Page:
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Edmond is a city in Oklahoma Countymarker, Oklahomamarker, United Statesmarker, and a part of the Oklahoma City metropolitan area in the central part of the state. The population was 68,315 at the 2000 census, making it the sixth largest city in the state of Oklahoma.

The city limits are located on the northern border of Oklahoma Citymarker. Two major highways connect Edmond to downtown Oklahoma City: U.S. Route 77 (the Broadway Extension), which runs through the center of the city, and Interstate 35, which runs along the eastern side. Public transportation is provided by Citylink Edmond bus service.

The current mayor of Edmond is Patrice Douglas.


According to the United States Census Bureau, the city has a total area of 87.9 square miles (227.8 km2), of which, 85.1 square miles (220.5 km2) of it is land and 2.8 square miles (7.3 km2) of it (3.19%) is water.


  • Edmond is listed as one of the "Top 100 Places to Live in 2007" by "Relocate America".
  • "Universal Publications of New York" recently named it "America's best small town".
  • The city is known for taking great pride in its "Edmond, America" image.


As of the census of 2000, there were 68,315 people, 25,256 households, and 18,588 families residing in the city. The population density was 802.4 people per square mile (309.8/km2). There were 26,380 housing units at an average density of 309.9/sq mi (119.6/km2). The racial makeup of the city was 86.58% White, 4.04% African American, 2.27% Native American, 3.26% Asian, 0.08% Pacific Islander, 0.90% from other races, and 2.87% from two or more races. Hispanic or Latino of any race were 2.75% of the population.

There were 25,256 households out of which 39.3% had children under the age of 18 living with them, 61.9% were married couples living together, 9.1% had a female householder with no husband present, and 26.4% were non-families. 20.6% of all households were made up of individuals and 6.1% had someone living alone who was 65 years of age or older. The average household size was 2.63 and the average family size was 3.08.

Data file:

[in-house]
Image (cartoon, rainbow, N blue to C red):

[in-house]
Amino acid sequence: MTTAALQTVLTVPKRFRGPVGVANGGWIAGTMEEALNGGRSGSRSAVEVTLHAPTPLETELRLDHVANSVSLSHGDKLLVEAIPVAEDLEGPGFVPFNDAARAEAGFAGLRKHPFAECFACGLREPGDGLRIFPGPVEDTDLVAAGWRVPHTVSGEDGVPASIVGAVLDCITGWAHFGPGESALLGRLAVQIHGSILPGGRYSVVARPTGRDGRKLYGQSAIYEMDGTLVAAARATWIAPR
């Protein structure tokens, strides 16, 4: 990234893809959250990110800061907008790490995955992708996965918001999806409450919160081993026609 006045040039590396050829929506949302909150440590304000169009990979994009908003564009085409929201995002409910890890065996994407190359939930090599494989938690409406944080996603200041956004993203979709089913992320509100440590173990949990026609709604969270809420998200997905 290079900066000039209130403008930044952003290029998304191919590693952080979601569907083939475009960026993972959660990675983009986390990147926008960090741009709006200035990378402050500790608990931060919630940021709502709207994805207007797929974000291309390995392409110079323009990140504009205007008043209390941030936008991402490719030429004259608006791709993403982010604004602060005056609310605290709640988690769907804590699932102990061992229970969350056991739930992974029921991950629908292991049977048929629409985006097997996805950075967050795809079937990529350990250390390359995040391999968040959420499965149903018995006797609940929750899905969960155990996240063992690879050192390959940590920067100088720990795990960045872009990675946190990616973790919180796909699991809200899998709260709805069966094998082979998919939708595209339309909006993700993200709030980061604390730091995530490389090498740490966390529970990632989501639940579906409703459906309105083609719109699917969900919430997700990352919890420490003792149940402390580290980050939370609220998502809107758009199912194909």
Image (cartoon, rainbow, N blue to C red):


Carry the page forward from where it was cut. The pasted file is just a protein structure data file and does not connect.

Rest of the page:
In the city the population was spread out with 27.5% under the age of 18, 11.3% from 18 to 24, 29.6% from 25 to 44, 22.8% from 45 to 64, and 8.8% who were 65 years of age or older. The median age was 34 years. For every 100 females there were 93.7 males. For every 100 females age 18 and over, there were 89.5 males.

The median income for a household in the city was $54,556, and the median income for a family was $65,230. Males had a median income of $46,833 versus $28,231 for females. The per capita income for the city was $26,517. About 4.4% of families and 7.2% of the population were below the poverty line, including 6.2% of those under age 18 and 5.3% of those age 65 or over.


Being the highest point along the Santa Fe rail line in Oklahoma Territory, Edmond was originally named "Summit" and was a watering and sanding point for the railroad in the 1880s. The town was given its current name (after an engineer on the railroad) by the Santa Fe railroad headquarters in Topekamarker after the Oklahoma Land Run of 1889. Though most of the remnants of the old railroad infrastructure are gone, the Santa Fe, now BNSF, line still runs through the same course.The first school house in Oklahoma is in Edmond and still stands as a historic monument at 2nd Street and Boulevard. The first church in Oklahoma, St. John's Catholic Church, is still in Edmond, although not in its original building.

Recreational amenities

  • Arcadia Lake
  • Festival Market Place (or also known as Farmer's Market)
  • Kickingbird Golf Course
  • Coffee Creek Colf Course
  • Fairfax Golf Course
  • Rose Creek Golf Course
  • Oak Tree National - golf course
  • Pelican Bay


  • Bickham-Rudkin Park
  • Brookhaven Park
  • Centennial Park
  • Chitwood Park